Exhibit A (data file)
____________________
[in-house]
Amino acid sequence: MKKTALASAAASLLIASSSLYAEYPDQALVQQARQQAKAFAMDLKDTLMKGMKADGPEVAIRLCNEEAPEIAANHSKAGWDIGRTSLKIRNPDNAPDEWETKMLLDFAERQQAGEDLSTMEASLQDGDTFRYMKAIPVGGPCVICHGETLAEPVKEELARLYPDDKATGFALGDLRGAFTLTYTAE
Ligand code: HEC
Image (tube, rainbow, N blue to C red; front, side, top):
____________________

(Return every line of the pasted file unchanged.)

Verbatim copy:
[in-house]
Amino acid sequence: MKKTALASAAASLLIASSSLYAEYPDQALVQQARQQAKAFAMDLKDTLMKGMKADGPEVAIRLCNEEAPEIAANHSKAGWDIGRTSLKIRNPDNAPDEWETKMLLDFAERQQAGEDLSTMEASLQDGDTFRYMKAIPVGGPCVICHGETLAEPVKEELARLYPDDKATGFALGDLRGAFTLTYTAE
Ligand code: HEC
Image (tube, rainbow, N blue to C red; front, side, top):